British mezzo-soprano Diana Moore has established herself as a firm favourite with audiences on both sides of the Atlantic, winning acclaim for her instantly recognisable voice which, according to Gramophone, 'combines the range of a mezzo with the tone quality of a contralto' and has been described by San Francisco Classical Voice as 'warm, plush, full and eminently smooth, with an air of nobility and grace'. She has performed at most of the world’s leading venues, including New York’s Carnegie Hall and Lincoln Centre, Tanglewood and Ravinia Festivals, Suntory Hall in Tokyo, Berlin’s Philharmonic Hall, the Concertgebouw in Amsterdam, Leipzig’s Gewandhaus, theTonhalle in Zurich, Westminster Abbey and the BBC Proms.
Best known for her considerable experience with the Baroque repertoire, Diana's approach – 'a mixture of intelligence with musicianship [and] emotional depth' (The Guardian) – has led to repeat engagements with many of the world's leading classical and early music conductors, including Nicholas McGegan OBE, Marin Alsop, Sir John Eliot Gardiner, Trevor Pinnock and Sir Roger Norrington.
A recognised Handelian, Diana has performed many operatic roles including the eponymous hero of Rinaldo at Göttingen International Handel Festival, Vlaamse Oper, Opera de Versailles, and National Theatre Prague; Sesto in Giulio Cesare at Göttingen; and Medoro in Orlando at Drottningholm Royal Court Theatre (Stockholm), Lincoln Centre (New York), Ferrara Musica Festival, Tanglewood and Ravinia Festivals. She has also appeared at many prominent European Baroque Festivals with performances of Handel’s oratorio and choral works, and has performed his Messiah extensively in North America at venues including Kimmel Centre in Philadelphia, Meyerhoff Concert Hall in Baltimore, National Arts Centre in Ottawa, Strathmore Concert Hall in Washington and the Herbst Theatre in San Francisco. Diana returned to Göttingen to sing the title role in The Choice of Hercules with Laurence Cummings.
Equally adept in later musical styles and genres, Diana has become a leading exponent of English music in oratorio, concert and recital work, and is particularly praised for her interpretations of the music of Edward Elgar. She has performed The Dream of Gerontius at venues including York Minster, London’s Royal Albert Hall and the Cathedrals of Ely, Gloucester, Chichester, Winchester, and Coventry; Sea Pictures at the Royal Opera House (with San Francisco Ballet), Gloucester and Guildford Cathedrals, and Snape Maltings Concert Hall; The Kingdom at St Albans and Chichester Cathedrals; and The Music Makers at Guildford and Chichester Cathedrals. Other recent engagements of note on the concert platform include selections from Mahler’s Des Knaben Wunderhorn at Sage Gateshead with Royal Northern Sinfonia, Brahms’ Alto Rhapsody at Chichester Cathedral, Mendelssohn’s Elijah at the Queen Elizabeth Hall, the modern-day premiere of Scarlatti’s La Gloria di Primavera at Carnegie Hall and Tanglewood Festival and Mahler's Rückertlieder at Bremen's Die Glocke concert hall.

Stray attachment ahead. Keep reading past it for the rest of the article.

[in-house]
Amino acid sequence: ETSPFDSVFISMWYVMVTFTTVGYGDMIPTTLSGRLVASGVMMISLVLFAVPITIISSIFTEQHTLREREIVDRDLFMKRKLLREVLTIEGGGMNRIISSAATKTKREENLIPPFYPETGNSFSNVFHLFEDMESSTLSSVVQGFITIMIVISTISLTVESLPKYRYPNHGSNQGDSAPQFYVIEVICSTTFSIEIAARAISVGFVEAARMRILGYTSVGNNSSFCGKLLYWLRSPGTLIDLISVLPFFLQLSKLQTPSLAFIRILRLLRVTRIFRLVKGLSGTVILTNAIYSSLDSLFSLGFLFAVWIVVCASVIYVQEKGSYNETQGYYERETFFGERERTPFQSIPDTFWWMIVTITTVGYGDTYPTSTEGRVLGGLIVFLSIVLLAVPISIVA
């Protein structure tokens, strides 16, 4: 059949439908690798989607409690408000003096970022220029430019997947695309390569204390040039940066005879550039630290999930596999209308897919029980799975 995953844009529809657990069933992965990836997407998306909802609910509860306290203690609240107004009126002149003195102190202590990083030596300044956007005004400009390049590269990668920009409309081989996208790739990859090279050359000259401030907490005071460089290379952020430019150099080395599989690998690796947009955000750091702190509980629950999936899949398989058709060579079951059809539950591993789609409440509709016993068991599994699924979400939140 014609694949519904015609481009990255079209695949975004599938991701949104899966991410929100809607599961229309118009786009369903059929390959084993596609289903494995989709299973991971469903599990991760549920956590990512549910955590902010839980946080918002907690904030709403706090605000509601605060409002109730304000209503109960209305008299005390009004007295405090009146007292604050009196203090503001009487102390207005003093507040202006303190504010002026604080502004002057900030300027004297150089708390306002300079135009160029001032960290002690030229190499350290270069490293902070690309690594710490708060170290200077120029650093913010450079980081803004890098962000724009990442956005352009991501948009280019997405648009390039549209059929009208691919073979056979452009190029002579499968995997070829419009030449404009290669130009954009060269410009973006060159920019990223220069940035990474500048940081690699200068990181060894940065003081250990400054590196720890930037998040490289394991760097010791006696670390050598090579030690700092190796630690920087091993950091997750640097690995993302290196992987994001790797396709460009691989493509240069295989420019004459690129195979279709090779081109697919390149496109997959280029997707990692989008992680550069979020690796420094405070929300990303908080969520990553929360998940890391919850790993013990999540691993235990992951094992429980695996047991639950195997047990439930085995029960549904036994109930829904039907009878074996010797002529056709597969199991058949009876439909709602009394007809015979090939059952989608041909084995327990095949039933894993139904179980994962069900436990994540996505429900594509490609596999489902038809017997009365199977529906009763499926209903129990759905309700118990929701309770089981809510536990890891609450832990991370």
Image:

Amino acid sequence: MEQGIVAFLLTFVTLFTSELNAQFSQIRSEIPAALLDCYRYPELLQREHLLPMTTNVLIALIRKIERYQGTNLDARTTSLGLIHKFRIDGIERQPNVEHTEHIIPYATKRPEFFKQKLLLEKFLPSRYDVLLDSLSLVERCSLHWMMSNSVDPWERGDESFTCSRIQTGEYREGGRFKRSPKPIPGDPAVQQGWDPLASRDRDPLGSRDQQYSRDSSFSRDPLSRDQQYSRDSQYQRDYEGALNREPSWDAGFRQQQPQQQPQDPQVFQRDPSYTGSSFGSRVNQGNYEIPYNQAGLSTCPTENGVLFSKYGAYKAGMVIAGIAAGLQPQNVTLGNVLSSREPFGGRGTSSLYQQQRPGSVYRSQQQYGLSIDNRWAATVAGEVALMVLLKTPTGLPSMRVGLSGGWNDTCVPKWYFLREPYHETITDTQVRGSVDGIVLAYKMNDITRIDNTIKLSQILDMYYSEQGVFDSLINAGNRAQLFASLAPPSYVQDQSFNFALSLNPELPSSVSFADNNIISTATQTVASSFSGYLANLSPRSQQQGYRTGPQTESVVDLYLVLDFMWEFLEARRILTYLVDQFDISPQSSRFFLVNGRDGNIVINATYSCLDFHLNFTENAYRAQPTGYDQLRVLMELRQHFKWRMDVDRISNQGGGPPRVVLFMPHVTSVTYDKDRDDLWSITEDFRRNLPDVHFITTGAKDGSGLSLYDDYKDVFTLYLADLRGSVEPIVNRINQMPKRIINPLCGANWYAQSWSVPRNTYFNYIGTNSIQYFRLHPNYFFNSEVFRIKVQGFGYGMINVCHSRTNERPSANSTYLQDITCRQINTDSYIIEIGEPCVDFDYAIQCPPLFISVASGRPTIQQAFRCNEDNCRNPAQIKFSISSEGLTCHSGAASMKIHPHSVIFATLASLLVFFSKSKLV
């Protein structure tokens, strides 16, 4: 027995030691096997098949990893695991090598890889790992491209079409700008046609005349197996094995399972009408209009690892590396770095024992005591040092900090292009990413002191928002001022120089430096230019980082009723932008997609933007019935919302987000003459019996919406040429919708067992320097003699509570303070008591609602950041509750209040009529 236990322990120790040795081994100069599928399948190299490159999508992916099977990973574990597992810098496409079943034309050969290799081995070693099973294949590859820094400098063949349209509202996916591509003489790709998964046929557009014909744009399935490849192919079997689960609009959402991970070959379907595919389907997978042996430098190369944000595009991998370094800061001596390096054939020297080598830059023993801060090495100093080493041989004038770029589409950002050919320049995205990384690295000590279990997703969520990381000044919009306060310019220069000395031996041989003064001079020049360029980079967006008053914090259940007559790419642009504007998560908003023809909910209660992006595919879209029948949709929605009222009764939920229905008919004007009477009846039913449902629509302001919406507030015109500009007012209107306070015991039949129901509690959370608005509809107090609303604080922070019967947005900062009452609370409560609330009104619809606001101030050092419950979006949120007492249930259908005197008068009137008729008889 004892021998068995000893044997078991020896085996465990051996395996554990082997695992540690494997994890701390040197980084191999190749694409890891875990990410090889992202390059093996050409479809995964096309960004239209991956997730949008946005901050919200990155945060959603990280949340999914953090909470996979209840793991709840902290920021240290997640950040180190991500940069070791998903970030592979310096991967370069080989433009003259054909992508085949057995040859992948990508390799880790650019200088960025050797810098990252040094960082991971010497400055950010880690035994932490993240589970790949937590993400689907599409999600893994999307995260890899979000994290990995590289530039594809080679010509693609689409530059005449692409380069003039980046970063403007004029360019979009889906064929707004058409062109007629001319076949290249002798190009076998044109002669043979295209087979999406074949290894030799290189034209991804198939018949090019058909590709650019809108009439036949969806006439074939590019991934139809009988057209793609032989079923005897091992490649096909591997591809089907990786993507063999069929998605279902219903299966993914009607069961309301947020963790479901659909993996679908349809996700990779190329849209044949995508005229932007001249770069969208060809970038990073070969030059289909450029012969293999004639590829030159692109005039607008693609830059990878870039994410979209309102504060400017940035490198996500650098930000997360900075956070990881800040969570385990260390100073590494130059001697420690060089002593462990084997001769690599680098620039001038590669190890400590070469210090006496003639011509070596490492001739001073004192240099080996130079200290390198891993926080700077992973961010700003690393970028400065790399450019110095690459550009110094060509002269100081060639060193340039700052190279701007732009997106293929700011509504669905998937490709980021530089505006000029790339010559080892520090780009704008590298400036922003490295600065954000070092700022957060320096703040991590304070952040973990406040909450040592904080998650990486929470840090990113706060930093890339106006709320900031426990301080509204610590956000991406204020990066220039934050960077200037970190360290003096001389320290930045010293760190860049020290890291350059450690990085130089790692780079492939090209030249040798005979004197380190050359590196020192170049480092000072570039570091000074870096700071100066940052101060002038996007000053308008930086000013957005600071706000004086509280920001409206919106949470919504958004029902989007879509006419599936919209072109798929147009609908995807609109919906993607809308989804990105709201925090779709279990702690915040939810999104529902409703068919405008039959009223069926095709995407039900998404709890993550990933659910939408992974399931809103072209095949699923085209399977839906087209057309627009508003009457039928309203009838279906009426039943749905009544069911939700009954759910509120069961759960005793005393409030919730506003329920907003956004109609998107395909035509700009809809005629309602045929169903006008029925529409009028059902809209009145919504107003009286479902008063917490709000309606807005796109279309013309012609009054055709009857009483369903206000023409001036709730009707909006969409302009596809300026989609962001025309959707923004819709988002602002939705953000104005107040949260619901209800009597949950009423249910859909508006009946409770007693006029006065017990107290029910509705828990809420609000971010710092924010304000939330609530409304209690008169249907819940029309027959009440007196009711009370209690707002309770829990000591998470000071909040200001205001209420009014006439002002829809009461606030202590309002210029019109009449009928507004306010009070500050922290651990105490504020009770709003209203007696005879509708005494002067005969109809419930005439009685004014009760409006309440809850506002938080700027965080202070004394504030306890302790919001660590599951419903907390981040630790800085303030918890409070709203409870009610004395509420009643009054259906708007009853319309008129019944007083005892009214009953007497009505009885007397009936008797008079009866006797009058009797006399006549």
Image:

A critically acclaimed recitalist, Diana is building a reputation for the development of innovative recitals which integrate carefully curated musical programmes with extended scripted narration. Her ever-popular A Celebration of Kathleen Ferrier: Her Life, Letters and Music – enthusiastically endorsed by the Kathleen Ferrier Society – capitalises upon the oft-drawn comparison between Diana and Ferrier's voices by audiences and critics, with a programme that illuminates numerous facets of its subject's life, character and repertoire. Other recitals of this kind, all including scripts researched, written and performed by Diana herself, include Wearing the Trousers: the extraordinary women who inspired Handel's travesti roles; A Voice of One's Own, which shines a spotlight on Britain's largely unknown female composers; and Tales of the Unexpected, an imaginative, playful programme exploring the art of storytelling.